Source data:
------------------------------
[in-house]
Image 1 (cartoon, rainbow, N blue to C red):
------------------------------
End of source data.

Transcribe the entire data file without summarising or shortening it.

[in-house]
Image 1 (cartoon, rainbow, N blue to C red):